When using Limonene to dissolve HIPS, the usual method is to submerge the object in Limonene so the HIPS melts off the print. After enough uses, the limonene is cloudy with plastic and a layer of sludge builds up at the bottom of the container.
The normal method of disposing Limonene is to dilute it with water then pour it down your drain. If you’re using Limonene to dissolve HIPS, you’ll have plastic residue in the Limonene. HIPS is a version of polystyrene, the same plastic used in packaging materials and styrofoam. If you pour the plastic down your drain, it can build up in your plumbing. Other instructions advise to incinerate Limonene, but when used to dissolve HIPS, you’d also be burning the polystyrene, which gives off toxic fumes.
If you pour your leftover Limonene into a large pan outside, it will slowly evaporate, leaving behind a deposited layer of HIPS. Only do this outside. Limonene vapor can irritate your lungs in a closed space. Limonene is also considered flammable, because it has a low flash point. If you have the limonene evaporating near your 3d printer, there’s a chance the vapor could ignite.
Evaporating the Limonene will take longer, but it is better for your plumbing, the environment, and evaporation is safer than other options.
A simple tool many 3d printer enthusiasts and professionals use to fix problem models is the cloud 3d model repair by netfabb. It repairs models that the basic version of netfabb can’t, and does it in the cloud, so your computer isn’t slowed down during the complex algorithms. However, Microsoft recently took over the cloud repair site and broke it.
Microsoft announced last June they were partnering with netfabb to simplify 3d printing. The move made sense, as netfabb is a valuable tool that is easy to use. Netfabb giving Microsoft the burden of server maintenance for the cloud tools saves netfabb time and money. But by ceding control, netfabb has allowed Microsoft to tarnish the service quality.
Before, cloud.netfabb would let you upload any stl and just require an email. The new model repair tool forces you to log into a Microsoft account. Microsoft wants users to buy into their software ecosystem just to use the tool. The service is valuable enough that it’s worth giving Microsoft access to your usage data, but it’s a big change from the old netfabb.
Microsoft will likely fix the download bug. For now, when you use the cloud repair tool, don’t click anything between uploading the broken file and downloading the fixed file. But this new system shows where Microsoft’s heart is in the 3d printing world. It wants users to use Microsoft products. It forces users to sign up for its Microsoft account to do 3d printing, when a simple email address worked before. If it could, it would make 3d printing Windows exclusive, so that more people would buy Microsoft software and services.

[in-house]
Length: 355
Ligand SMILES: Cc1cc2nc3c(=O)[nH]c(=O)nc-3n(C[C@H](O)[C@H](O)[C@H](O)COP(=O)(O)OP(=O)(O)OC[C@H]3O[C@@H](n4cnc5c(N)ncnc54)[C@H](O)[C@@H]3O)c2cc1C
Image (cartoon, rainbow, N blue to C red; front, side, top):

With failed prints, support structures, and prototypes, a 3d printing workspace can generate lots of waste plastic. 3d printing is typically more environmentally friendly, due to less waste material, lower transportation costs, and on-demand prints. But to make your 3d prints greener, how should you handle your extra print material?
ABS plastic, one of the standard materials used in 3d printing, is recyclable. Not every recycling company has the equipment yet to sort and chip ABS. Most metropolitan recycling companies can handle ABS plastic. If your recycling company has single-stream, then you can put support structures and trash prints in with your bottles and cans. If your recycling company supports ABS and requires sorting, your ABS plastic should typically be placed in the bin marked “Other”, so it doesn’t get mixed in with other plastics by mistake.
Another possibility is to recycle your 3d prints into more 3d printing filament with the filabot or filastruder. If you don’t have the money or time to shell out on the system, check with your local maker spaces to see if they have one, or know someone that does.
So if you have a lot of extra ABS you want to dispose, make a quick call to your local recycling company and ask if they allow ABS plastic. Your extra plastic can be recycled into new cell phones, injection molded parts, or if you’re lucky, it may have a second life as lego blocks.
Companies trying to capitalize on the cool factor of 3d printing are falsely claiming their products are 3d printers. A new example of this comes from the Melt Icepops, a Netherlands company that makes flavored icepops. As described in various sites, their Icepop Generator “3d printer” makes custom shaped icepops based on 3d models. The problem: what is called a ice 3d printer is a CNC machine.